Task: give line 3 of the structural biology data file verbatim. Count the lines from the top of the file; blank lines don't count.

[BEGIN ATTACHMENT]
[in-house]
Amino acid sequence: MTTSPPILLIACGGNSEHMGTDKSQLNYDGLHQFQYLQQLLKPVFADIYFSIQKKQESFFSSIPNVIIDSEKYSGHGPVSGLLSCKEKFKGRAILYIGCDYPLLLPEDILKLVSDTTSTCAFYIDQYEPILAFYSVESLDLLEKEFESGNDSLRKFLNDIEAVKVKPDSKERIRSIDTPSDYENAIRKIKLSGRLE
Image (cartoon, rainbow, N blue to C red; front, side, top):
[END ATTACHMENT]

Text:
Image (cartoon, rainbow, N blue to C red; front, side, top):